Thirteen of Rembrandt’s landscape paintings are documented, according to Gary Schwartz, one of the best experts on the complete works of the Amsterdam master, in “Rembrandt’s Book”, but only five “exist”. The numbers may have been correct when they were printed in 2006, but not now.
Not that Rembrandt’s paintings were suddenly discovered in mysterious attics. No, it is the present-day paintings that constitute a mystery, almost once painted, and works by Rembrandt have always been indistinguishable from those of his workshop.
This also affects the gallery of pictures at the Berlin State Museums. In 1986 she had to separate the audience’s undisputed darling, “The Man in the Golden Helmet”, as a workshop job.
The same fate befell the 1989 “Landscape with the Arched Bridge”, a small-scale work measuring approximately 30 x 40 cm by Wilhelm von Bode, the legendary “Public Museum” and Rembrandt expert, in 1924 thus eventually winning decades of his work in Berlin Museums. Because of the bad times of that time, it was not possible to pay for the picture with money, but only for other works in the gallery.
He was missing the landscape to complete the Berlin set. And Rembrandt painted only a few landscapes within his works, which, according to variable counts, sometimes include 250 and sometimes 637.
In 1989, the board failed the Rembrandt Research Project review
The ‘variable number’ is more important to Rembrandt than any other artist of his rank. Born in Leiden in 1606 and died in Amsterdam in 1669, Rembrandt van Rijn was a very diligent artist for more than four decades, as more than 1,000 surviving drawings and 300 engravings attest.
But he didn’t always sign the plates. In keeping with the times, he maintained a commission processing workshop and repeated his compositions. The best students in particular were able to sympathize almost completely with Rembrandt’s style of painting.
There is such a double scene of Berlin, the “Stone Bridge” in the Amsterdam Rijksmuseum, which is very similar in shape. there was no doubt the authorship of mr. Not even when the Rembrandt Research Project (RRP), launched over 50 years ago, passed through all the museums I thought they held works by the artist and omitted from Rembrandt’s collection of assets, picture by picture.
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This is the case when strong arguments against it emerge above all upon closer scientific investigation. Rembrandt’s work has been reduced to fewer than 250 RRP-authorized paintings, and at the same time increased to a good 350 due to reassignment.
The RRP’s arguments also cast doubt on Berlin’s image. Here the sky is calmer and tighter than in Amsterdam, where finely scaled drama creates such an eerie mood that Rembrandt’s portraits seem forever calm and automatically sexy at the same time. This difference seems to refer to a pupil of Rembrandt Govert Flink, to whom the picture was attributed in 1989.
Rembrandt dramatically changed the original composition
For years, restorer Claudia Lorenz Landsberg has worked on the Rembrandt Collection in the Gallery. With the participation of the Hahn-Meitner Institute, she was able for the first time to use the complex technology of neutron autoradiography, which has already presented significant results for the anniversary exhibition of Rembrandt in Berlin in 2006.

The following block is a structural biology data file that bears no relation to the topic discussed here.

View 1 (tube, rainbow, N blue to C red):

Landscaping was not considered at the time because it was considered a workshop work. Now Katja Kleinert, the Dutch curator, has directed it and, together with the restorer, has deciphered the structure of the painting.
In accordance with this, Rembrandt obviously altered the original composition, as can be seen from the lower drawing, in the manner which he perceived in the Amsterdam doubling, so to speak, at once, which is likely to be considered altered. A dendrochronological examination of the wooden portrait carrier showed that the Berlin work could have been painted as early as 1622, but the Amsterdam work not earlier than 1638. This is the year the Rijksmuseum lists his paintings which are also likely to be hypothesized. Berlin picture.
A little landscape, but it was setting the style
And here comes the role of the ancient “method criticism” once again. Schwartz verdict in 2006: “Traditional methods of tasting ensure the persistence of disagreement and uncertainty.” But tasting is now experiencing a real renaissance, especially in Anglo-Saxon countries.
Of course, one can endlessly debate whether the strokes are Rembrandt or not; Basically idle with this artist, who had all the means at his disposal and who created an enormous variety.
It is amazing that Rembrandt painted only some landscapes. However, they were components of Dutch painting after that. With its illumination, it directs the viewer’s gaze without emphasizing anything special. In both the Berlin and Amsterdam photos, ‘Steinbrücke’ tends to stay in the dark, while the tree and plants to its right brighten dramatically in sunlight penetrating from the left under a storm cloud and heading to the right. Schwartz praises the composition as a “painting that trembles with liveliness”: one can express it in this way and thus approach the sensual impact of a Berlin painting.
With this masterpiece, Rembrandt’s collection in Berlin has again grown to 20 paintings, and it is more understandable why Bode spent his entire life chasing Rembrandt’s landscapes.